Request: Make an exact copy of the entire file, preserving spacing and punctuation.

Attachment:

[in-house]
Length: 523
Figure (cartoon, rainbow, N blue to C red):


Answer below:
[in-house]
Length: 523
Figure (cartoon, rainbow, N blue to C red):